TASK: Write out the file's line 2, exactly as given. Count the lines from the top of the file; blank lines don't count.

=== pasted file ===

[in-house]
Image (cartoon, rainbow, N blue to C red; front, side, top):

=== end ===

Image (cartoon, rainbow, N blue to C red; front, side, top):